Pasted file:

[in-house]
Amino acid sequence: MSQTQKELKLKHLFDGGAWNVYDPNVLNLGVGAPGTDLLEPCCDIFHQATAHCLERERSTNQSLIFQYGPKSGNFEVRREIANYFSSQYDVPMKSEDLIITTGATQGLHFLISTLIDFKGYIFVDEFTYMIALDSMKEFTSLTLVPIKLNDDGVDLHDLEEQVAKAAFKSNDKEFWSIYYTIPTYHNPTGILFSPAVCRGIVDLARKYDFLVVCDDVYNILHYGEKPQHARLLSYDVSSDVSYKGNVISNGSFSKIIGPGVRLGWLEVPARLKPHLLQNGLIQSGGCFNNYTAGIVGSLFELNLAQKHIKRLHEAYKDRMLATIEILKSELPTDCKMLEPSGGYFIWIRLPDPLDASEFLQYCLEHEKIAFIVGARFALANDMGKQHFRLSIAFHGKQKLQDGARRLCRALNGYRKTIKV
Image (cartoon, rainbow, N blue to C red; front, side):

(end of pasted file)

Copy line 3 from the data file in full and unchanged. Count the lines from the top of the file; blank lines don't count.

Image (cartoon, rainbow, N blue to C red; front, side):